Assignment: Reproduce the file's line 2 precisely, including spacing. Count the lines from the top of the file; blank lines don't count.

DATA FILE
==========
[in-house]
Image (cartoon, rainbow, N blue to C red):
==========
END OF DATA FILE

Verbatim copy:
Image (cartoon, rainbow, N blue to C red):